As if the rewarding content on the Psalter and Daniel 7 wasn’t enough, the heart of the book lies in the New Testament material. There is a comprehensive study on Mark’s passion predictions (Mark 8:31; 9:9-12; 9:31; 10:33-34) that presents seeing Psalm 80 as a foundational text solves the problem of “how the Son of Man is associated with suffering and resurrection” (p161), something that the usual proposals (Isa 50; 53; Ps 118:22; Hos 6:2; Dan 7) do not do. This section, the Wicked Tenants, and Jesus’ “true vine” saying in John are all equally strong and worthy of close attention.
A virtue in Streett’s work is his careful representation of other views and level-headedness in giving his own. His summaries of scholarly opinion were easy to follow, charitable, and free of condescension or hyperbole. When it comes to his own work, Street is unafraid of laying all the options on the table, but is also reasonable and doesn’t overreach in his conclusions. His writing is clear and easy to follow, particularly for a rigorous academic work; his writing simplifies some tricky concepts and proves that robust scholarship need not require equivalently opaque prose.
Lest I seem overtaken by praise, I will offer a few minor critiques. Some might defend Street and consider it wise restraint on his part, but I wish that he had gone one step further by providing broader implications of his study and attempting more synthesis. A good example of Streett doing this very thing is in his section of the identity of the son of man in Dan 7, but I would have liked him to address more areas, such as the messianic hope in the OT (and the doubters), and whether his study affects a preterist interpretation of Mark 13 and 14:62, seeing as how they draw on a Dan 7 background.
I believe Streett overstates the situation when, after surveying how the psalm is interpreted throughout OT and NT, he concludes, “[it] is difficult to imagine a more variegated group of interpretations” (p225). Throughout the book, Streett implies that the various interpretations of Psalm 80 do not reflect the intent of the original author, but that the author’s occasional vagueness of language was used to make different points. If this is what Streett means by his above quote, then I would disagree. For one, I do not see why the later eschatological and messianic meanings could not have been present in the original psalter’s intention in seed form. Granting the original background as being the Northern Kingdom’s destruction, why could the petition not reflect a messianic hope, as the messiah is (amongst other things) God’s ultimate king? Why not hope that this king fulfill that role? In other words, I don’t see the same amount of variance from the psalm’s original setting to how it is later interpreted as Streett does. Again, this criticism is relatively minor.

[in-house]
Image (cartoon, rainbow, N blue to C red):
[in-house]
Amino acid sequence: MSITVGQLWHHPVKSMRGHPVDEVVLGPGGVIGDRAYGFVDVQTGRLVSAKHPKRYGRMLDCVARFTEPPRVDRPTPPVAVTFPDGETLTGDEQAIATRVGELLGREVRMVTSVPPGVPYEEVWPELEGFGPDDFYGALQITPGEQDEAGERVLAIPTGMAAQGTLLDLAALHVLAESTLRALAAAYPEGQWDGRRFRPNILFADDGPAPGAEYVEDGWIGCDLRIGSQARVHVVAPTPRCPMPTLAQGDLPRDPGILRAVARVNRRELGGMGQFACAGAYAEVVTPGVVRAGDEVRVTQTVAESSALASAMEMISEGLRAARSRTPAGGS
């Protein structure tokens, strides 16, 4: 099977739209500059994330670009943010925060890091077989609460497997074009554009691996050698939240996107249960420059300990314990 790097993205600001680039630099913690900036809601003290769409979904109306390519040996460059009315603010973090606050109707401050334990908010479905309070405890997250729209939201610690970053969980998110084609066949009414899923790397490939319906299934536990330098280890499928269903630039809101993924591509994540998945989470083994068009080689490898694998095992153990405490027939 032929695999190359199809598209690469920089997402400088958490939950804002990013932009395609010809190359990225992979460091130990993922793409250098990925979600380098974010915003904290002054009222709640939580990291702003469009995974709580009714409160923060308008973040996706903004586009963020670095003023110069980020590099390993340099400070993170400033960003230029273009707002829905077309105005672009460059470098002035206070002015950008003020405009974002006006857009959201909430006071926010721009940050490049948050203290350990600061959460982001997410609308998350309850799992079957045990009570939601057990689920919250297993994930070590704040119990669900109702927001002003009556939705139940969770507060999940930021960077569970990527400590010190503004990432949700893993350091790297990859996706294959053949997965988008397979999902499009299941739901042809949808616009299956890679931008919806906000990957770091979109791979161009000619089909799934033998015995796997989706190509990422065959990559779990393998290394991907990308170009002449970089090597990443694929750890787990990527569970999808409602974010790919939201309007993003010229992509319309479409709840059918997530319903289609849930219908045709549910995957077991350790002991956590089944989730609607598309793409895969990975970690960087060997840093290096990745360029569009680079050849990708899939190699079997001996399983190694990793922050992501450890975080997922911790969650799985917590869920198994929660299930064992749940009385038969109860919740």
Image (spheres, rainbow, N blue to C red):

Lastly, readers may be confused by the verse numbering since Streett gives no explanatory note that he is using the Hebrew numbering for Psalm 80 (more info), resulting in all references being “one off” from the English. For example, the son of man is found in verse 17 of English Bibles, but is labelled as verse 18 in The Vine and the Son of Man. This follows usual academic practice but requires a constant mental note for those reading along. Another quirk is that many footnotes find themselves on the bottom of the following page. For example, the last sentence on page 12 refers to footnote 51, which actually appears on page 13. I raise this to warn potential readers.
This is a truly wide-ranging and deeply-researched work, both of which would be impressive enough, but what’s more striking is that Streett has done it all so well. He has broken new territory by providing something unique: recovering a somewhat overlooked, even ignored, Psalm that is surprisingly rich in messianic and intertextual details. This is a recommended read for all serious students, particularly those of Christology, Messiah studies, the NT use of the OT, and Biblical Theology. The Vine and the Son of Man fills a gap many didn’t know existed, and I hope and expect that it will have a lasting impact on scholarship and the church.